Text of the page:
Personally, I would be ok without Chuck Coulson's input during the section breaks... But other than that I absolutely
Love this audiobook.

5 of 6 people found this review helpful

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Not His Best Book, But Great Hearing Lewis' Voice

What made the experience of listening to The Four Loves the most enjoyable?

Hearing Lewis read the book himself!

What other book might you compare The Four Loves to and why?

I really can't think of one at the moment.

What does C.S. Lewis bring to the story that you wouldn’t experience if you just read the book?

Again, hearing Lewis read the book himself.

What did you learn from The Four Loves that you would use in your daily life?

Finding different ways to love.

Any additional comments?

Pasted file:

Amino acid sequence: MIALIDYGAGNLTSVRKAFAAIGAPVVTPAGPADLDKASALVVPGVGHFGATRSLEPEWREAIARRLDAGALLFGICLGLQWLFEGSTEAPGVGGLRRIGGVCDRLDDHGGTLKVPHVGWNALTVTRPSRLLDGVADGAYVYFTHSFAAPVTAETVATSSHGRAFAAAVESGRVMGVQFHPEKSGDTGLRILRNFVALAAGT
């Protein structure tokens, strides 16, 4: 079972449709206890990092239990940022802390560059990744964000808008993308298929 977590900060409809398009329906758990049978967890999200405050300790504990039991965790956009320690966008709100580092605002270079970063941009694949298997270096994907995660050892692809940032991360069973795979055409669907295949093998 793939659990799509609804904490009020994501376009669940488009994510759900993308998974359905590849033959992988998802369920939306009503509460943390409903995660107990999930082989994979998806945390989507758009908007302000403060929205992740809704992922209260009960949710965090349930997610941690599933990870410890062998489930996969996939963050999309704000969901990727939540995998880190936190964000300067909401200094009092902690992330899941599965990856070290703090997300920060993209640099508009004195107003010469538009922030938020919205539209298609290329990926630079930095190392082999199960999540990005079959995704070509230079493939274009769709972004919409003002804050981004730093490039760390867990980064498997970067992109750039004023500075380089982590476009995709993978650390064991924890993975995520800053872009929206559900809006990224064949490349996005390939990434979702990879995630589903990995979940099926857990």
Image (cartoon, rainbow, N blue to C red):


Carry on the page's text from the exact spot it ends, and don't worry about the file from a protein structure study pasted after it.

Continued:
As a Classical Greek minor, I was a little disappointed that Lewis (a Greek scholar himself) only discussed four words for love in Greek. There are at least seven that I'm aware of. Despite this flaw, however, I highly recommend this audiobook, even though I'm an Atheist. :)

2 of 2 people found this review helpful

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  • BenQ
  • Greenville, SC, USA
  • 02-18-09

Must read book on love

This book by Lewis unpacks what love is. And how cool to hear his voice as he reads this book.

10 of 13 people found this review helpful

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The Four Loves

This book is wonderful. It is so nice to be able to listen to the voice of C.S. Lewis as he takes about the four loves on mankind.

1 of 1 people found this review helpful

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  • Paul
  • 06-24-11

Lewis at his incisive best